Psychologists have found that the most important factors in determining our response to pressure is how we think about our ability to handle it. When you are faced with any stressful situation, you begin evaluate both the situation and your resources. How hard is this going to be? Do I have the skills, the courage and the strength? Is there anyone who could really help me? This evaluation of demands and resources may not be conscious, however, it’s happening under the surface. As you weigh the demands of the situation against the resources you bring to it, you make a rapid assessment of your true ability to cope.
This evaluation is the true key to determining your stress response. If you believe that the demands of the situation exceed your resources, you will have a threat response. But if you believe you have the resources to succeed, you will have a challenging response. There are many studies that show people are more likely to have a challenge response if they stay focused on their resources.
Some of the most effective strategies for this are acknowledging your personal strengths; thinking about how you have prepared for a particular challenge; remembering the times in the past when you did overcome similar challenges; imagining the wonderful support of your friends and family; and praying, or knowing that others are praying for you. There are all quick mindset shifts that you can use to turn a threat into a challenge, which makes them some good things to try the next time you want to perform will under any pressure.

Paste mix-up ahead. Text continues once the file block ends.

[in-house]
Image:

Viewing the stress response as a resource can transform the physiology of the fear into the biology of courage. It can turn a threat into a challenge and can help you do your very best under pressure. Even when the stress doesn’t really feel helpful, as in the case of anxiety-welcoming it can actually transform it into something that is helpful: more confidence, more energy, and a greater willingness to take action.
You can use this strategy in your own life anytime that you notice signs of stress. When you feel your heart pounding or breath quickening, realize that it is your body’s way of trying to give you more energy. If you notice some tension in your body, remind yourself that the stress response gives you access to your strength. Sweaty palms? Remember what it felt like to go on that first date-palms sweat when you’re close to something you want.
If you have some butterflies in your stomach, know that they are a sign of meaning. Your digestive tract is lined with millions of nerve cells that always respond to your emotions, and your thoughts. The butterfly are your guts way of saying, this really matters. Let yourself remember why this particular movement matters to you.
Whatever the situations of stress may be, worry less about trying to make them go away, and always focus more on what you are going to do with the energy, strength and drive that stress gives you. Your body is providing you with some access to all of your resources to help you rise to the occasion. Instead of taking a deep breath to calm yourself down, take a deep breath to sense the energy that is available to you. Then put the energy to use, and ask yourself, what action can I take, or what choice can I make, that is consistent with what my goal is, in this moment.
My friends, you now have some strong tool that with practice, you will be able to call on them when needed. You will be able to be in control of that stress, when and if it flares up in your life. Just, please remember, this is your body, your emotion, and you can be in control.
May good health and prosperity be always with you.